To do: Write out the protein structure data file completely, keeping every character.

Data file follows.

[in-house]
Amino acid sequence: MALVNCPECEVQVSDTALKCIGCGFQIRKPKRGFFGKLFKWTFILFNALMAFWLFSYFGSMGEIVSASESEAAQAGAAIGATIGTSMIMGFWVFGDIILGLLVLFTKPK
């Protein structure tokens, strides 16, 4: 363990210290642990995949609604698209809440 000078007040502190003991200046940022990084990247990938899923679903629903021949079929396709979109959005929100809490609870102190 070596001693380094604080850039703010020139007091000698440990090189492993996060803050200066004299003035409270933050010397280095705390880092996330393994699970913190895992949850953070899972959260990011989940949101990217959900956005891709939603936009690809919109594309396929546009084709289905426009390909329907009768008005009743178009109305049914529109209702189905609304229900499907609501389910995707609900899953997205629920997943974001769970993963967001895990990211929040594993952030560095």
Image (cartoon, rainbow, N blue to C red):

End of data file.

[in-house]
Amino acid sequence: MALVNCPECEVQVSDTALKCIGCGFQIRKPKRGFFGKLFKWTFILFNALMAFWLFSYFGSMGEIVSASESEAAQAGAAIGATIGTSMIMGFWVFGDIILGLLVLFTKPK
């Protein structure tokens, strides 16, 4: 363990210290642990995949609604698209809440 000078007040502190003991200046940022990084990247990938899923679903629903021949079929396709979109959005929100809490609870102190 070596001693380094604080850039703010020139007091000698440990090189492993996060803050200066004299003035409270933050010397280095705390880092996330393994699970913190895992949850953070899972959260990011989940949101990217959900956005891709939603936009690809919109594309396929546009084709289905426009390909329907009768008005009743178009109305049914529109209702189905609304229900499907609501389910995707609900899953997205629920997943974001769970993963967001895990990211929040594993952030560095």
Image (cartoon, rainbow, N blue to C red):